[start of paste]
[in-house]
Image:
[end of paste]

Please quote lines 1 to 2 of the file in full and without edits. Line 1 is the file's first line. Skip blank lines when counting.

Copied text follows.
[in-house]
Image: